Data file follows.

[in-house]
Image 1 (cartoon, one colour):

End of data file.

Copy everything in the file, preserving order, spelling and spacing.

[in-house]
Image 1 (cartoon, one colour):